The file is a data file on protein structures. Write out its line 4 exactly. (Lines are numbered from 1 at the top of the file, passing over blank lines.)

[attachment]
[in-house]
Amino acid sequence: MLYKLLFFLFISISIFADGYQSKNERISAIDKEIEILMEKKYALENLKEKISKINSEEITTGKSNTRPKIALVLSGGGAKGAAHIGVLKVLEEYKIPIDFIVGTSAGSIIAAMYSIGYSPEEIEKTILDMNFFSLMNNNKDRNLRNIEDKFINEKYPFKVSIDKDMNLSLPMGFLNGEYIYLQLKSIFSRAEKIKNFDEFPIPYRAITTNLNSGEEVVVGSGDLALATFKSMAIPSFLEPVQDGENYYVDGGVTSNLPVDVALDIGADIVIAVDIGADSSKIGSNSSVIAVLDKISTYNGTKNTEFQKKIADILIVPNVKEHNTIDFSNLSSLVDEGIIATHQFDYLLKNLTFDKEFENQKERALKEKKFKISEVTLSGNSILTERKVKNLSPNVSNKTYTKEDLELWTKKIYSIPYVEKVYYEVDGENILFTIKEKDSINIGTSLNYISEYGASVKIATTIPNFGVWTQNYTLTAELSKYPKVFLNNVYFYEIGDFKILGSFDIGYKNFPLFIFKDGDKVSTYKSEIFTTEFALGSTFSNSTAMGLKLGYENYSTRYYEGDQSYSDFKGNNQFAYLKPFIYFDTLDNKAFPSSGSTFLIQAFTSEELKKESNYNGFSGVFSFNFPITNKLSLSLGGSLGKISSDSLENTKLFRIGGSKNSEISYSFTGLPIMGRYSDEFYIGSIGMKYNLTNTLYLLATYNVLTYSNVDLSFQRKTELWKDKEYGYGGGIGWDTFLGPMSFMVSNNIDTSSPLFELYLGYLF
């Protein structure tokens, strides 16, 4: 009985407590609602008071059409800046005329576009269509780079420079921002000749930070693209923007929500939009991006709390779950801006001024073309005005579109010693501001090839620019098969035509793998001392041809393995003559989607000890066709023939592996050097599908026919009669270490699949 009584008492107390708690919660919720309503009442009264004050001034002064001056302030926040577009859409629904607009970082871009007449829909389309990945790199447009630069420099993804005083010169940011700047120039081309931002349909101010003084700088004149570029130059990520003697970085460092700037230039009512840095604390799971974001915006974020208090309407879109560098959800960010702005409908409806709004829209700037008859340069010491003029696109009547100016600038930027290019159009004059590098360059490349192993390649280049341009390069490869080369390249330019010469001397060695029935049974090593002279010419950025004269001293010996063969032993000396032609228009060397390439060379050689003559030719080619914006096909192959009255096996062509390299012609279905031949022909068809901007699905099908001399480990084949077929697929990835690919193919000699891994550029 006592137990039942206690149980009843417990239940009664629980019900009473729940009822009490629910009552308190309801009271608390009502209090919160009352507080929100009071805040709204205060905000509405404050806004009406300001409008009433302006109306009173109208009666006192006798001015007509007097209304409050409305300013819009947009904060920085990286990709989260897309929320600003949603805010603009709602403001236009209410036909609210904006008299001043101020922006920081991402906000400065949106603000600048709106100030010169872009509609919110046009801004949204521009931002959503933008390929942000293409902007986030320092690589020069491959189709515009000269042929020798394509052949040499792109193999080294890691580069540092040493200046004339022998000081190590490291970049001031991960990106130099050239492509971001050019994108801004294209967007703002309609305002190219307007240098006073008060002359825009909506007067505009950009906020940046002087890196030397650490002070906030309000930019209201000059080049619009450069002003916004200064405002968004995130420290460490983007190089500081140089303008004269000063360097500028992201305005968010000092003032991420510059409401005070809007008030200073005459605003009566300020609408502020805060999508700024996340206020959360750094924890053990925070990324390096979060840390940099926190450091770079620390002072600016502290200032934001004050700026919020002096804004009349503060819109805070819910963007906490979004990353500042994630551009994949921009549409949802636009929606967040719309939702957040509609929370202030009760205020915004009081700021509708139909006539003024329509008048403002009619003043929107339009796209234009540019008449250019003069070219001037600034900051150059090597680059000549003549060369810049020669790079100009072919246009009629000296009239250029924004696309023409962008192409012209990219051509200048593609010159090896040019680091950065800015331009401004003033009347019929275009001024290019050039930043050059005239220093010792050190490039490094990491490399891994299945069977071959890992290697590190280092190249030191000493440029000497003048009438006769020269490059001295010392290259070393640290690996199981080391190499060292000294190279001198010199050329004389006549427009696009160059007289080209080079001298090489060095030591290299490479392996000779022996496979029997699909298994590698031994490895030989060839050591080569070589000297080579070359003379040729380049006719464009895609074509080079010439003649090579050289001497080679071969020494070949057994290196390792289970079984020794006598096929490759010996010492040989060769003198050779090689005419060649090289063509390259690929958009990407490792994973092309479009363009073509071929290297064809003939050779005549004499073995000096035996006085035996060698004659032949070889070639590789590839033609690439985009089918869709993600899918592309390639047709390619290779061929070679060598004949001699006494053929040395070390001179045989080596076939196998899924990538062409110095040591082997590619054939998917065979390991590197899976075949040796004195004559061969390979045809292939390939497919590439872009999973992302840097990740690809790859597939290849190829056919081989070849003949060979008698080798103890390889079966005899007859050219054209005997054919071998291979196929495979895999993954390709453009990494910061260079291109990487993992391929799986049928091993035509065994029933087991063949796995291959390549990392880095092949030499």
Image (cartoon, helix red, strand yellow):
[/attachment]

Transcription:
Image (cartoon, helix red, strand yellow):